6. L AREA WASTEWATER STORAGE DRUM EVALUATION

    SciTech Connect

    Vormelker, P; Cynthia Foreman, C; Zane Nelson, Z; David Hathcock, D; Dennis Vinson, D

    2007-11-30

    This report documents the determination of the cause of pressurization that led to bulging deformation of a 55 gallon wastewater drum stored in L-Area. Drum samples were sent to SRNL for evaluation. The interior surface of these samples revealed blistering and holes in the epoxy phenolic drum liner and corrosion of the carbon steel drum. It is suspected that osmotic pressure drove permeation of the water through the epoxy phenolic coating which was weakened from exposure to low pH water. The coating failed at locations throughout the drum interior. Subsequent corrosion of the carbon steel released hydrogen which pressurized the drum causing deformation of the drum lid. Additional samples from other wastewater drums on the same pallet were also evaluated and limited corrosion was visible on the interior surfaces. It is suspected that, with time, the corrosion would have advanced to cause pressurization of these sealed drums.

  7. Kennedy Space Center Payload Processing

    NASA Technical Reports Server (NTRS)

    Lawson, Ronnie; Engler, Tom; Colloredo, Scott; Zide, Alan

    2011-01-01

    This slide presentation reviews the payload processing functions at Kennedy Space Center. It details some of the payloads processed at KSC, the typical processing tasks, the facilities available for processing payloads, and the capabilities and customer services that are available.

  8. Payload retention device

    NASA Technical Reports Server (NTRS)

    Monford, Leo G., Jr. (Inventor)

    1992-01-01

    A payload retention device for grappling and retaining a payload in docked position on a supporting structure in the cargo bay of a space vehicle is presented. The device comprises a two-fault tolerant electromagnetic grappling system comprising electromagnets for attracting and grappling a grapple strike plate affixed to the payload when in proximity thereto and an electromechanical latching assembly comprising a pair of independent latching subassemblies. Each subassembly comprises a set of latching pawls which are driven into latching and unlatching positions relative to a grappled payload by a pair of gearmotors, each equipped with a ratchet clutch drive mechanism which is two-fault tolerant with respect to latching such that only one gearmotor of the four needs to be operational to effect a latch of the payload but is single fault tolerant with respect to release of a latched payload. Sensors are included for automatically sensing the magnetic grappling of a payload and for automatically de-energizing the gearmotors of the latching subassemblies when a latch condition is achieved.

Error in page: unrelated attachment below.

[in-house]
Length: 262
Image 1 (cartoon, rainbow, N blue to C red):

9. CH Packaging Operations Manual

    SciTech Connect

    None, None

    2009-05-27

    This document provides the user with instructions for assembling a payload. All the steps in Subsections 1.2, Preparing 55-Gallon Drum Payload Assembly; 1.3, Preparing "Short" 85-Gallon Drum Payload Assembly (TRUPACT-II and HalfPACT); 1.4, Preparing "Tall" 85-Gallon Drum Payload Assembly (HalfPACT only); 1.5, Preparing 100-Gallon Drum Payload Assembly; 1.6, Preparing Shielded Container Payload Assembly; 1.7, Preparing SWB Payload Assembly; and 1.8, Preparing TDOP Payload Assembly, must be completed, but may be performed in any order as long as radiological control steps are not bypassed. Transport trailer operations, package loading and unloading from transport trailers, hoisting and rigging activities such as ACGLF operations, equipment checkout and shutdown, and component inspection activities must be performed, but may be performed in any order and in parallel with other activities as long as radiological control steps are not bypassed. Steps involving OCA/ICV lid removal/installation and payload removal/loading may be performed in parallel if there are multiple operators working on the same packaging. Steps involving removal/installation of OCV/ICV upper and lower main O-rings must be performed in sequence, except as noted.

  10. Integrated operations/payloads/fleet analysis. Volume 2: Payloads

    NASA Technical Reports Server (NTRS)

    1971-01-01